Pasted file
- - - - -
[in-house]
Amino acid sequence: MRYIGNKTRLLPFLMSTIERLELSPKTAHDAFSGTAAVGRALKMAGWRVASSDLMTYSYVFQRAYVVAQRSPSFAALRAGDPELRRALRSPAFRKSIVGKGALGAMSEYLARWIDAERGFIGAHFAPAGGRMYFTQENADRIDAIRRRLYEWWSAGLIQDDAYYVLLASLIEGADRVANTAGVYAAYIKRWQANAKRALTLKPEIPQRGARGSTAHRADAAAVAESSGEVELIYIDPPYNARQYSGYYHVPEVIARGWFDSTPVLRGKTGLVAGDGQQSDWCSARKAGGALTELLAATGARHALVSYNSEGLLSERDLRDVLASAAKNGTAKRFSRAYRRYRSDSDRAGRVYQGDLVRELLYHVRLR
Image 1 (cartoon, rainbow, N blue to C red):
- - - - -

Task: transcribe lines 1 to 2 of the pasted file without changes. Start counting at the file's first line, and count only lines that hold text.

[in-house]
Amino acid sequence: MRYIGNKTRLLPFLMSTIERLELSPKTAHDAFSGTAAVGRALKMAGWRVASSDLMTYSYVFQRAYVVAQRSPSFAALRAGDPELRRALRSPAFRKSIVGKGALGAMSEYLARWIDAERGFIGAHFAPAGGRMYFTQENADRIDAIRRRLYEWWSAGLIQDDAYYVLLASLIEGADRVANTAGVYAAYIKRWQANAKRALTLKPEIPQRGARGSTAHRADAAAVAESSGEVELIYIDPPYNARQYSGYYHVPEVIARGWFDSTPVLRGKTGLVAGDGQQSDWCSARKAGGALTELLAATGARHALVSYNSEGLLSERDLRDVLASAAKNGTAKRFSRAYRRYRSDSDRAGRVYQGDLVRELLYHVRLR